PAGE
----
Mrs May spoke with French president Emmanuel Macron and Romanian president Klaus Iohannis on Wednesday evening, Downing Street said.

European Council president Donald Tusk appeared to express frustration with London’s stance.

He tweeted: “No news is not always good news. EU27 still waiting for concrete, realistic proposals from London on how to break #Brexit impasse.”

And Dutch PM Mark Rutte told the Financial Times the Netherlands is already benefiting from businesses relocating from a “diminished” Britain.

Meanwhile, shadow Brexit secretary Sir Keir Starmer said Labour was committed to preventing Mrs May from pursuing a “reckless” policy of running down the clock to the point where MPs may be faced with a choice between her deal or no-deal with just days to go to the March 29 deadline.

Labour has tabled an amendment for debate in the Commons on Thursday which would require the Government to either put her deal to a vote by February 27 or allow Parliament to take control of the process.

(PA Graphics)

Sir Keir said Labour would also support a proposal from backbencher Yvette Cooper, expected to be debated on February 27, which would require a vote by the middle of March on delaying Brexit.

Veteran Tory Europhile Kenneth Clarke has tabled a further amendment, backed by senior figures from across the House including Harriet Harman, which would allow MPs to vote for their preferred Brexit outcome.

Mr Clarke’s plan, tabled for debate on Thursday, envisages MPs ranking options in order of preference on a ballot paper under the alternative vote system.

An amendment from Labour MP Roger Godsiff calls for an extension of the two-year Brexit negotiation period to allow for a second referendum.

Another tabled by the SNP’s Angus MacNeil calls on Mrs May simply to revoke the Article 50 letter informing the EU of Britain’s intention to leave.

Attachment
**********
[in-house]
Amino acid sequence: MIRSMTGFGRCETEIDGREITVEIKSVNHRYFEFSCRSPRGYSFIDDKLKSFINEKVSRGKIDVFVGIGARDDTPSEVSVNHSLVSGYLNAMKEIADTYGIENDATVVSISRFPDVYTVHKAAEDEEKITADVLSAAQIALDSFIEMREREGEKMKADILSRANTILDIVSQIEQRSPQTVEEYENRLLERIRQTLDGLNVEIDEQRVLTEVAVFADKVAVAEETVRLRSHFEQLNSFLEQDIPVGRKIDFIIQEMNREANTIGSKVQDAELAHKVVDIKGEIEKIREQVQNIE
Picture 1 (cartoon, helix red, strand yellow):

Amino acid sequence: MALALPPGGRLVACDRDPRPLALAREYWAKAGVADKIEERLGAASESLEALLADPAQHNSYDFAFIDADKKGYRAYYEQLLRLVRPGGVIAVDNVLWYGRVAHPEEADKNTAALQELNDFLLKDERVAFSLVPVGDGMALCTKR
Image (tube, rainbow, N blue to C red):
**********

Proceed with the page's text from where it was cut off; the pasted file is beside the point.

And a cross-party initiative backed by Conservative Anna Soubry and Labour’s Chuka Umunna demands that the Government publish its most recent official briefing on the implications of a no-deal Brexit for business and trade.

Ms Soubry said understood the paper made clear the “ruinous” impact on the economy.

“I am told that it does not mince its words and it makes it very plain that that outcome would be disastrous for British business,” she told the BBC.

Sir Keir Starmer
Sir Keir Starmer was meeting Stephen Barclay and David Lidington (Niall Carson/PA)

Sir Keir was meeting Brexit Secretary Stephen Barclay and the effective deputy prime minister David Lidington for talks on Wednesday.

“What the Prime Minister is up to is obvious,” Sir Keir told the Today programme.

“She’s coming to Parliament every other week, pretending there’s progress and trying to buy another two weeks, edging her way towards March 21, when the next EU summit is, to try to put her deal up against no-deal in those final few weeks.

“Parliament needs to say ‘That’s not on’.”

He declined to say whether Labour MPs would be disciplined for disobeying the whip in upcoming Brexit votes.

A series of frontbenchers who defied orders to back an earlier Cooper amendment kept their jobs.